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Old 04-02-2012, 11:11 AM
oldbogie oldbogie is offline
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Quote:
Originally Posted by Larry123
I have a 1976 Chevy 350, .030 over with low miles on a fairly stock rebuild. My plan was to install 64cc alum heads and a Lunati 60102 cam to warm it up and use in my 55 Chevy. I pulled the heads off and discovered flat-top pistons .043 in the hole. If I use standard .041 head gaskets the DCR comes out to 8.3:1 with this setup. Will this work ok for street use even with the poor quench?
X2 with "my87Z". If this is a real measurement than what you've got are rebuilder pistons used on decked blocks to restore the original .020-.025 inch piston crown to head deck clearance. This maintains stock compression ratios for the mass engine rebuilders that simply zero deck all blocks they run on a set up whether they need it or not. This is not like your neighbor-hood auto machine shop where they do not as a matter of course zero deck the block they are working on. That would only happen is the deck was warped or the customer asks for it.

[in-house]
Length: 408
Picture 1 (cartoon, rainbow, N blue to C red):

If you don't yet have the aluminum heads the quick way out of this would be to go with a iron head with the Vortec style chamber and use a .015 thick shim gasket. This would give a squish/quench of .055 which is still pretty effective.

The problem this situation creates is that the parts industry makes two different pistons for a rebuild. For the Small Block Chevy these are standard compression height of 1.56 inch and rebuilder for stock replacement compression decked engines at 1.54 inch. Compression height is the name for the distance from the pin bore center to the crown of the piston. The crown being the top edge above the rings. This may be the same as the total surface as in a flat top, or it may be an edge above a dish, or an edge around a higher dome. But I compute an SCR of 9.7 to 1 with this set up which is a bit high for a cast iron head. You could go with an open chamber head at 74 ccs which would drop the SCR to 8.8 with no other changes which is a bit low.

You a bit between a rock and a hard place where you need tight squish/quench for the compression but can't get to the optimum .040 and the ratio is a bit high which needs all the squish/quench you can get. Going to a larger chamber drops the ratio under but pretty close to an optimum for an iron vortec style head. Unfortunately aluminum needs a thicker gasket to provide some sliding give to where the gasket doesn't erode the soft aluminum.

Bogie
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